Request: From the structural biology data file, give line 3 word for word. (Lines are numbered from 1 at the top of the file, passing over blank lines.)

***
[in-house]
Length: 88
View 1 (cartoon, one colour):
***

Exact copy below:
View 1 (cartoon, one colour):